2014 MLB Draft: Nationals' GM Mike Rizzo - "There's some quality left-handed, power college bats which is not typical of a draft class."

Greg Fiume

Washington Nationals' GM Mike Rizzo has been in charge of the Nats' draft strategy since taking over in the nation's capital in 2009 and he's leading the nation's capital's Nationals into the 2014 Draft tonight. The Nats have the 18th overall pick.

Washington Nationals' Assistant GM and VP of Scouting Operations Kris Kline was thrilled with the top pick for the Nats last June, 6'6'' right-hander Jake Johansen, a hard-throwing pitcher with a mid-to-high 90's heater, slider, changeup and curve.

"There's a lot of things to like about this young man," Kline told reporters after the Nationals selected Johansen out of Dallas Baptist University with the 68th overall pick in the 2nd Round.

"I go out and see a specific amount of players that Kris Kline wants me to see. It's a kind of tiebreaker, if you will, on specific players." -Nats' GM Mike Rizzo on scouting prospects for the 2014 Draft

"This is what we seek when we go out to the ballpark every day," Kline said.

Asked to break Johansen down, the Nationals' scouting director said, "He's a 6'6'', 235 lb right-handed pitcher. If you put him next to [2012 1st Round pick Lucas] Giolito, you have some pretty good-looking bookends."

Nationals' GM Mike Rizzo, a former scout, scouting director and assistant general manager before he took over in the front office in D.C., told reporters this weekend that he still sneaks out occasionally do some scouting of his own and check out some prospects that the Nationals are looking at closely.

"We sneak out below the radar," Rizzo explained. "I go out and see a specific amount of players that Kris Kline wants me to see. It's a kind of tiebreaker, if you will, on specific players. Mostly the upper echelon guys we are considering in the first couple of rounds. It's an active time."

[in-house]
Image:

"What we've looked at in the past, is that the upside has to really trump the risk of a player not coming back from injury." -Mike Rizzo on considering drafting an injured prospect

It all culminates in the selection the Nationals make tonight when they pick 18th overall, making a 1st Round pick for the first time since 2012 when they took a gamble on Giolito, taking the right-hander with the 16th overall pick in spite of concerns about an elbow injury suffered in his senior year at Harvard-Westlake High School in California, which caused him to drop from a potential top pick to the Nats after 15 teams passed on the right-hander who is now back on the mound post-Tommy John surgery pitching for the Nationals' Low-A affiliate.

The Nationals' willingness to gamble on injury issues and deal with Scott Boras and their belief in their own ability to rehab players and get them back to what they were has them linked in several mock drafts to UNLV right-hander Erick Fedde, a 21-year-old pitcher who tore the ulnar collateral ligament in his right elbow this season and had Tommy John surgery in May.

Baseball America's John Manuel, after tying the Nationals to 18-year-old prep school shortstop Jacob Gatewood in three of BA's previous four Mock Drafts, joined ESPN.com's Keith Law and CBSSports.com's Jon Heyman in projecting that the Nats will take Fedde with the 18th pick tonight. Manuel checked off all boxes in matching the Nats and Fedde up at no.18:

"GM Mike Rizzo’s track record with Scott Boras Corp. clients leads to the Nationals being viewed as a landing spot for injured UNLV righthander Erick Fedde, who had Tommy John surgery in May. The Nats already have picked one of those too, with 2012 first-rounder Lucas Giolito."